Stolen passwords. Forged emails. Corrupt files. And … someone hacked into your model JXC3 Dell-Apple SonySung hack-proof computer and swiped your manuscript—the tale about the FBI agent who singlehandedly saves everything under the sun—and sold it to PenguinHouse-Putnam-Holt-Brown for twelve-thousand-million-zillion dollars!
But how could such a thing happen, you ask? After all, you had all the available security measures in place and all were working fine, or so you thought.
Someone though, most likely a nefarious computer expert from the dark side, somehow bypassed your passwords, the fingerprint and iris scanners, the facial recognition software, and the voice reader, all to take your extremely original story.
I know, it’s difficult to understand. The
expert kid at the computer store, the one you overheard telling a coworker about a really tough homework assignment that had to be completed before his dad would loan him the family minivan, said the machine was equipped with the best anti-everything protections that money could buy. A pimply-faced coworker, whose voice was locked in teen change-mode with pitches ranging from deep floor-rumbling bass to a canary on helium, agreed. Foolproof security.
The price of the computer was a meager $899, but with all the add-on security options, though, the price tag came in at just under $11,000. No way anyone should’ve beaten the high-end system. Yet they did.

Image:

So what can be done to stop the hacking, the bypassing, the backdoor entries, the stealing of such valuable and original manuscripts?
Yes, the human heart is the solution to computer security. By using low-level Doppler radar, scientists at a University in Buffalo have developed a system that measures the human heart (no two hearts are identical) and uses those dimensions as your personal identifier. The systems takes about eight seconds to scan your heart and then it continually monitors the beating organ to be sure no one else has stepped in to take over the computer operation. If so, the device shuts down (the computer, not the heart).
The same system is thought to be useful for smartphone operation/security, and at airports to assist with security checks. The system is currently capable of detecting and monitoring a person up to thirty meters away.
What’s next, a heart database? Are we a mere heartbeat away from the government having the capability of monitoring our lives by, well, listening to our heartbeats as we walk or drive past a county “Heartbeat Police Car?”
The Human Heart: A New Sheriff in Town
Will we soon see Heart Police? Will their gun belts be equipped with B/P cuffs and portable EKG machines?
How about heartbeat line-ups?